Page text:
The proposed EU Directive on improving working conditions in platform work


 On the 9th of December, the European Commission published an overdue set of measures intended to improve the labour standards for those who work for a digital labour platform in the EU. The plans have been approved by the European Council, and Member States now have 3 years to enact their own domestic laws in accordance with the Directive.

Background: Race to the Bottom for Labour Rights

As is often the case, the European Commission’s involvement was spurred by Member States starting to consider or pass national legislation. For example, Spain has taken steps to recognise delivery platform couriers as employees rather than contractors, and Portugal is set to implement similar standards to order platforms such as Uber and Glovo to employ their drivers.  There has also been notable litigation throughout the EU. In the Netherlands, separate court cases against Deliveroo and Uber both confirmed that there is a traditional employment relationship with those active in platform work. However, in Belgium, there was a ruling in favour of Deliveroo on the matter whether the relationship between Deliveroo couriers and the platform itself was an employment contract. Such discrepancies across Member States might cause a race to the bottom across the EU as regards labour rights.

The Directive

The legislative framework proposed by the Commission cracks down on fake self-employment by platform workers. Rather, platforms will now have the responsibility to prove that their workers are indeed self-employed and are not considered employees under the Directive. To this end, the Commission has specified 5 control criteria to determine whether a platform worker is an employee. If at least 2 of the 5 criteria are met, the worker is legally considered to be an employee.

The criteria set by the Commission are:

  1. The platform determining the worker’s wage
  2. The platform setting rules on conduct and appearance
  3. The platform supervising the performance and quality of the work, albeit electronically
  4. The platform limiting the worker’s freedom by setting working hours, limiting time off, or preventing the worker from working with a subcontractor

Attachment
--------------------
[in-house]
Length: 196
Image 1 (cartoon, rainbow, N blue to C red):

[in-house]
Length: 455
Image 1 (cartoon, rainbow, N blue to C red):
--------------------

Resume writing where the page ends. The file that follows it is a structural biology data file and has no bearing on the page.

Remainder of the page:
5. The platform preventing the worker from building a client base or requiring exclusivity

Having an Algorithm as Your Employer

Under the Directive, the power algorithms have over platform workers will also be constrained. Whereas previously workers were denied jobs or were removed from services as a result of an automated decision, workers now have the right to increased human monitoring and to contest the decision. This will apply to those categorised as employees as well as self-employed individuals.

Algorithmic management is inherent to digital labour platforms’ business models. From a machine perspective, using an algorithm is efficient to match supply to demand in any market. From a human perspective however, algorithms are often flawed, and may increase gender bias and discrimination. Having to depend on an opaque, legally unregulated machine for decisions that directly impact your basic income amounts to substandard working conditions. This is highlighted by Margrethe Vestager, the executive vice president of Europe Fit for the Digital Age: “This is an important step towards a more social digital economy”.

Trends in the UK

Although the United Kingdom is no longer required to implement legislative proposals put forward by the European Commission, the trends in continental Europe are reflected within the UK as well. Earlier this year, the supreme court upheld a 2016 ruling stating that Uber drivers are not self-employed and should be paid the minimum wage. More recently, on the 6th of December, a high court in London ruled that the business model that claims that Uber is a platform that merely facilitates the contract between a driver and passenger is incompatible with London’s transportation laws. This implies that Uber must carry much more responsibility in the relationship between a driver and a passenger, thereby underscoring that drivers are workers with rights, not independent contractors.